My recent post on whether ELT brands had become more important than ELT authors generated lots of interesting discussion in the comments, and a few things in particular jumped out:

Jason R Levine:

… in the age of education 2.0-3.0, have the ELT teachers, content creators, and curators become more important?

Eric Roth:

Given the available technology and teacher’s greater awareness of the immediate needs of their students, I expect an exponential increase in teacher-created materials that drift into the ELT marketplace.

Paul Dummett:

I see three things happening now …  c) more authors self-publishing and self-promoting. This last group will work for specific groups and interests, but occasionally one will break through to a much wider market – as a talented author of fiction or musician does from time to time.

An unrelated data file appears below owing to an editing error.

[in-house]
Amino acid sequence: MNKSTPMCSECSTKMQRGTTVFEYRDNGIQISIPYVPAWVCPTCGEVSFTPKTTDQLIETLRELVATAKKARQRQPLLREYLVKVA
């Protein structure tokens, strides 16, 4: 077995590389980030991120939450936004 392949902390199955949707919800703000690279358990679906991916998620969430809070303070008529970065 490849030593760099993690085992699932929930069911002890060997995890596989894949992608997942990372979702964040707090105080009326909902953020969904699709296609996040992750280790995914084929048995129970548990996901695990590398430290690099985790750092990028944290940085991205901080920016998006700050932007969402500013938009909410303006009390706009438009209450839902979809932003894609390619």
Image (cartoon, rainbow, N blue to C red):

Paul Hancock:

Titles based on high quality writing do indeed become brands in themselves, with their own identity and approach, and I think many teachers will always enjoy being associated with them, rather than downloading different disparate pieces of material of unreliable quality and having to work out how to use them coherently.

So what’s the theme here?

Image by Flickr user JD Hancock. Attribution 2.0 Generic (CC BY 2.0).
Image by Flickr user JD Hancock. Attribution 2.0 Generic (CC BY 2.0).